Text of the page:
Development: Short `appalled' by EU aid policy

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The Independent Online
THE SECRETARY of State for International Development, Clare Short, accused the European Union yesterday of diverting much-needed aid away from the poorest countries. She spoke out as she released figures showing that some Mediterranean nations received more than 10 times the level of aid given to poorer states.

The figures, available for the first time, prove that countries, such as Morocco, receive eight times more EU aid per head than Bangladesh and Ethiopia. In terms of European development aid per head in 1996, Jordan got pounds 15.56 compared to 53p in Ethiopia and 6p in India.

Ms Short also said that it was "extraordinary" that wealthy countries such as Brunei, Kuwait and the Bahamas were receiving aid.

She told the Commons Select Committee on International Development that the UK would be pressing for an overhaul of Europe's overseas aid budget to ensure that the money went to the poorest nations. Politics rather than genuine poverty had distorted the budget.

It was "truly appalling" that the EU gave only 53 per cent of its pounds 4bn budget to poor nations in Asia and sub-Saharan Africa, compared to 75 per cent 10 years ago. The UK contributes about 15 per cent of the aid resources spent by the EU.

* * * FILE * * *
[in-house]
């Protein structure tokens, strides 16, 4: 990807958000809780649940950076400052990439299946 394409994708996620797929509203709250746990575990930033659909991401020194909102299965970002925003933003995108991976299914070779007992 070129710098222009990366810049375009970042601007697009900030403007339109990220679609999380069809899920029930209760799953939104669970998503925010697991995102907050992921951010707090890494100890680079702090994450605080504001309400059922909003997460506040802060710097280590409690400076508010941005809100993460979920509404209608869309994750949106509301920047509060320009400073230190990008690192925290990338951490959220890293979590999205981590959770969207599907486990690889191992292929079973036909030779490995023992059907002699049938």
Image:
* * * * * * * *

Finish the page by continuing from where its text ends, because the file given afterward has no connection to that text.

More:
Many middle-income states in Latin America and the Middle East received far larger sums than India, Bangladesh and Vietnam.

Ms Short said that the EU should follow the example of the UK, which directs more than 80 per cent of its development funds to the poorest countries.

"Spending is often political. The rhetoric says poverty, the reality is, `We're worried about North Africa, bung them some money,' and the effect is unprincipled application," she said.

The European Commission's budget management was "totally inefficient", with some allocations remaining unspent, and the UK would argue for a freeze in coming negotiations. Ministers from EU member states allocate the cash. The Commission administers the spending. A recent report by the OECD showed that for every pounds 1 allocated, 27p was left unspent, largely due to inefficiency by Commission staff.